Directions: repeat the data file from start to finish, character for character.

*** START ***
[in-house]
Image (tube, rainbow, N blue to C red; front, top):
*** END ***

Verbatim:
[in-house]
Image (tube, rainbow, N blue to C red; front, top):